To dispose of a real downer first: Bianca Paradiso, the heroine of Brad Leithauser's new novel, launches the story in 1943 when she is 18 and ends it in 1953 at age 30. You read that right. It's a flaw, be it an editor's or the author's.
Otherwise, this new, ambitious work by warm-hearted novelist and poet is a middling success. It intriguingly, although at times uneasily, straddles the traditional novel and the fable.
This book with art as its core -- scenes in the Detroit Institute of Art are a short, entertaining course in art history -- is primarily the chronicle of the Paradiso family:
Neurotic, coffee-drinking and candy-munching Mamma and muscular, practical Papa; Bianca, also known as Bea or Bia (an unnecessary distinction); phlegmatic younger brother Stevie; and Edith, the brainy little sister.
They live on the marvelously named Inquiry Street in wartime Detroit, a city booming and wondrous, a far cry from its current state. Leithauser was born in Detroit. This is his love song to a city long gone.
By Brad Leithauser.
Bianca, an art student (she's the one at war, a war within her family) at the Institute Midwest, is an observant, beautiful girl with second sight. She falls for Ronny Olsson, a scion of a drugstore fortune who might have stepped out of "The Great Gatsby," but their affair never is consummated, partially because of Ronny's sexual ambiguity.
Bianca goes farther with Henry Vanden Akker, one of the wounded soldiers she's commissioned to capture on canvas, but that affair doesn't go anywhere (I strain to contain salient elements of the novel's complicated plot). She winds up more mother than artist.
Leithauser goes deeply and effectively into family dynamics, contrasting the close-knit ambience of the Paradiso family with the curdled, aristocratic one at the Olsson redoubt and the chilly religiosity of the Vanden Akkers.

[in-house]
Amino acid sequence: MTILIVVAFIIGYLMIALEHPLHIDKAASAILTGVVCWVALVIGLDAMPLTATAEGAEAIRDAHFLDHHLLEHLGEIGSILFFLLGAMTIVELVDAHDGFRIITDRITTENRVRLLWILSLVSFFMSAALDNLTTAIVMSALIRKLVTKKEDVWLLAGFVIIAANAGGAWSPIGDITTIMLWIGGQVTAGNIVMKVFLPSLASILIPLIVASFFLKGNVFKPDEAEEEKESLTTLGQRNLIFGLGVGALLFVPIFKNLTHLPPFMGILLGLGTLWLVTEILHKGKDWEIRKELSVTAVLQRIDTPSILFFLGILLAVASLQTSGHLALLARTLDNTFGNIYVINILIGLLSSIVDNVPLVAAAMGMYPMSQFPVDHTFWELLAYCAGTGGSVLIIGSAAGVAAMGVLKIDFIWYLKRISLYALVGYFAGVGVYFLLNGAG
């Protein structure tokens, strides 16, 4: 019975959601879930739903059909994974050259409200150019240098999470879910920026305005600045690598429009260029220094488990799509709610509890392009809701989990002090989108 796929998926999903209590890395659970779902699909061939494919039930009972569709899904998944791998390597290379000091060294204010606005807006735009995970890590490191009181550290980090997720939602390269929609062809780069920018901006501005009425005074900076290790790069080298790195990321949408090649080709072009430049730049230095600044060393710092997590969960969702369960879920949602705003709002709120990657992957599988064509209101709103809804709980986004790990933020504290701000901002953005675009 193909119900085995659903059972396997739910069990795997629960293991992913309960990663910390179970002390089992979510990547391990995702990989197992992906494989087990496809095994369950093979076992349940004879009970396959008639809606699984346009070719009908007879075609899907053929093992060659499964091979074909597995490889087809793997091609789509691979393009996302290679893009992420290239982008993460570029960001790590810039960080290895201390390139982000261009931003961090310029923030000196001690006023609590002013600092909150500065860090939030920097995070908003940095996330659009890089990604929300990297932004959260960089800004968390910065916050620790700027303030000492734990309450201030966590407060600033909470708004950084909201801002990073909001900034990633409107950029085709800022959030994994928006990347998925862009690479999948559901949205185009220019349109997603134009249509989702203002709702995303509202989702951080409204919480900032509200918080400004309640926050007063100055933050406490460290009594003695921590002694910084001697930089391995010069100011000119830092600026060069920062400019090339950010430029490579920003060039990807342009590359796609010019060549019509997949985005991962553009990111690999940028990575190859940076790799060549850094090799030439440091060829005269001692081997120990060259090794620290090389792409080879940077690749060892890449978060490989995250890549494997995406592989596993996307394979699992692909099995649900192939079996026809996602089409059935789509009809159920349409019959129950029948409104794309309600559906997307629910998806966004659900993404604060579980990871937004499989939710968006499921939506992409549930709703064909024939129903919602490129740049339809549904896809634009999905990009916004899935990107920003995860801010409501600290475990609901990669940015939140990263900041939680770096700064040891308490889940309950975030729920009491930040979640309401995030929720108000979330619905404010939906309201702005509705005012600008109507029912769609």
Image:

Leithauser's women are more memorable than his men -- other than Dennis Poppleton, Bianca's uncle, a kind of deus ex machina who helps people, including the painfully sensitive Bianca, navigate turbulent waters.
The minor characters, too, largely work; what's at fault here has less to do with people than plot. This is a book in which names and scenes are memorable, and for the most part, the writing is enthralling.
Why, then, is "The Art Student's War" less a whole than a sum of parts? Perhaps it is because Leithauser promised a book about an artist but detoured into one about family strife and healing.
Leithauser's insights into the urban decay that the growth of suburbs signified,hint at a deeper, more sociological work. The elements of greatness are here and the intent is never anything but noble.
The ending is a wonderful exchange between Bianca and her dreamy, resourceful Uncle Dennis, the balance wheel of the book.
Not only does it suggest that Bianca has reconciled her different drives, but also it resolves the family conflicts that give "The Art Student's War" much of the color and zest that make it worth reading despite its distracting overabundance.
Carlo Wolff is a freelance writer from Cleveland.